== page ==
One of the solutions offered for the global greenhouse gas problem is the fertilization of the ocean; that is, spreading iron into the open ocean to promote the growth of floating microscopic plants. In at least 12 experiments over the past 14 years, researchers have shown that the presence of dissolved iron is critical to blooms of phytoplankton, which draw large amounts of carbon dioxide out of Earth’s atmosphere and deposit a fraction of it in the deep ocean. Some researchers have speculated that we might reduce greenhouse gases by coaxing more marine plants to grow—selling it as the oceanic equivalent of planting more trees. However, the value and viability of such iron-enrichment activities, says WHOI marine chemist Ken Buesseler and 22 international colleagues in a recent issue of Science magazine, remains questionable because the artificial addition of iron has provoked very different results in different parts of the world. Iron fertilization on a large scale might promote healthy, useful growth, but it might just as well promote a harvest of oceanic “weeds”—such as harmful algal blooms, nutrient pollution, and other unforeseen problems. In a new project funded by the WHOI Ocean and Climate Change Institute, Buesseler and colleagues are planning to deploy instruments off the coast of Cape Verde in late 2007 to measure just how much carbon is sinking from the surface to the seafloor in a part of the ocean that is naturally seeded with iron by dust from the Sahara.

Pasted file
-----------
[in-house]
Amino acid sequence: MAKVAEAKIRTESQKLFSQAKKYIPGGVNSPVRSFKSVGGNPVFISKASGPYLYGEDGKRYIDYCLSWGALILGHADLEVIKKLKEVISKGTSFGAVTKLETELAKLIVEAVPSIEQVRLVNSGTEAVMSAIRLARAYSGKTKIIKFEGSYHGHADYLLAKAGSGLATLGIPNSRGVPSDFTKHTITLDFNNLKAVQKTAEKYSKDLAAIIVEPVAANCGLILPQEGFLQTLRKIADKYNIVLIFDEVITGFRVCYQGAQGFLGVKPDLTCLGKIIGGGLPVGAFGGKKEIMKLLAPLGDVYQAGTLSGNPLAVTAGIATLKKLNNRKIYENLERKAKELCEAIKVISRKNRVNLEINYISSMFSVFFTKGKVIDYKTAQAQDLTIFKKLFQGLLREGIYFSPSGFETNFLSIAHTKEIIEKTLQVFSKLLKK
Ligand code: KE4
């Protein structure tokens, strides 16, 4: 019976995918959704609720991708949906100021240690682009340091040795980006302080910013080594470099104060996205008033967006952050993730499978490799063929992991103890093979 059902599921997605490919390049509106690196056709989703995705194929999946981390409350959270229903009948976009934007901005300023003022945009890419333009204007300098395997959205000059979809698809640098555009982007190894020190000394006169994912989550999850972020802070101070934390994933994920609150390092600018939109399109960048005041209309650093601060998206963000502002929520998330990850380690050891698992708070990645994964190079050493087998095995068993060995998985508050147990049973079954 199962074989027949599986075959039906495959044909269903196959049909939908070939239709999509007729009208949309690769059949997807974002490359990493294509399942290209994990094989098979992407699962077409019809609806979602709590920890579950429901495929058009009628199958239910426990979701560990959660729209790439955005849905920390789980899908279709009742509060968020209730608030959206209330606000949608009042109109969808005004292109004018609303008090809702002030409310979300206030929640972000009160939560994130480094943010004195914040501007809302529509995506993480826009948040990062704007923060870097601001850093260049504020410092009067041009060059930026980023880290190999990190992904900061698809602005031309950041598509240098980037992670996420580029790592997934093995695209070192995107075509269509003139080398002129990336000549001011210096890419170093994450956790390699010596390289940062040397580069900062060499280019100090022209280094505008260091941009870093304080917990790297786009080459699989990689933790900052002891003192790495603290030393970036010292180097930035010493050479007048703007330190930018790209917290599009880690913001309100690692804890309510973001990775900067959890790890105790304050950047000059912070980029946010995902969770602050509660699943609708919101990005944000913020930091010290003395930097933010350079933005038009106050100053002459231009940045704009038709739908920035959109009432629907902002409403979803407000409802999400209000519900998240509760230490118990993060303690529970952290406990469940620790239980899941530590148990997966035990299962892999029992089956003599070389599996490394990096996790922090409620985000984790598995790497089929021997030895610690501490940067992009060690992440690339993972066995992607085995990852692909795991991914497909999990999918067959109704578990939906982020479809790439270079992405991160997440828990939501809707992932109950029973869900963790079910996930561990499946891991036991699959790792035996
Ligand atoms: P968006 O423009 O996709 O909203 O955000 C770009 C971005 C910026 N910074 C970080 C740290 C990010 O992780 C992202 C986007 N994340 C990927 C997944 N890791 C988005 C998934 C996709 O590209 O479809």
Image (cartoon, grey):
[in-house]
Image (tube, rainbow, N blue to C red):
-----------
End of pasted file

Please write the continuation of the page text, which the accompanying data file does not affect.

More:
Related Links
» Why Dump Iron into the Ocean?
» "Mesoscale Iron Enrichment Experiments 1993-2005" (Science magazine subscription required)
» WHOI Ocean and Climate Change Institute
» Postcards from the Bottom of the Earth